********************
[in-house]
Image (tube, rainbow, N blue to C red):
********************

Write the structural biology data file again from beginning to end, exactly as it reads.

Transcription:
[in-house]
Image (tube, rainbow, N blue to C red):